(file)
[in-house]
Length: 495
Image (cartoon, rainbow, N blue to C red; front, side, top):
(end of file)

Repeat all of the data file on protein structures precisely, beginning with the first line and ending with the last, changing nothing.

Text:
[in-house]
Length: 495
Image (cartoon, rainbow, N blue to C red; front, side, top):